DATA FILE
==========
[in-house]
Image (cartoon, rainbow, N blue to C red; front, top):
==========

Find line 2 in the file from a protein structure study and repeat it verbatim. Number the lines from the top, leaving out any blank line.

Image (cartoon, rainbow, N blue to C red; front, top):